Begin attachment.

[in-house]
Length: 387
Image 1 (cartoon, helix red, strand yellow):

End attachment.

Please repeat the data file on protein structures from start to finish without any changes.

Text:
[in-house]
Length: 387
Image 1 (cartoon, helix red, strand yellow):